Sunday, September 23, 2012

My High Needs Toddler

My daughter is two. I adore her. My husband adores her. Her house is filled with toys. Her days are filled with crafts, projects, outside play, games, movies, reading stories, and tons and tons of love, hugs, kisses and cuddles from me. I am a stay at home mom. I give her my all, 24-7. 

Today we were playing tag/hide and seek (the toddler version where I hide behind a tree, she "finds" me, chases me, and catches me). We were laughing and playing and having tons of fun. All of a sudden her face turned sad, she walked away slowly and sat by this fence. Miserable.

This happens a dozen times a day. She won't tell me why. I have no idea how to start guessing. She has never been abused. Or yelled at. Or made fun of. Or been called a name. Not once. She has never been left alone to cry-it-out. She has never been physically or emotionally scarred. Her life is practically perfect. And yet sometimes she gets so, sad.

Dr. Sears describes "The High Needs Child" as strong willed, intense, super sensitive, persistent, easily angered, defiant, prone to power struggles and tantrums. They are also compassionate, empathetic, generous, assertive and determined. High needs children focus on the negative. They are also extra intelligent and have strong leadership qualities. (The Discipline Book Page 283). This is my daughter. This is my daily struggle. To help my high needs child thrive. To help her find sunshine when all she sees is negativity. To dwell on her good qualities and not let the difficult parts of her personality crush me...or crush her. This is hard. This is crucial. She is young. She is so easily influenced. Everything that I say and do (and everything I don't say and don't do) will impact this super sensitive child. For good or for bad. So much pressure. So much responsibility. So, so important. I must help my high needs child to thrive.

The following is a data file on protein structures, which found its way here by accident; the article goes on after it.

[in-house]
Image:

My daily prayer: "Dear God, please show me how."

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